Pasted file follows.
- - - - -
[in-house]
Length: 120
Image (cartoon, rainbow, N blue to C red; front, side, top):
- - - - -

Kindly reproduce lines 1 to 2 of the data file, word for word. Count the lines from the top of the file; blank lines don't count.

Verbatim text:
[in-house]
Length: 120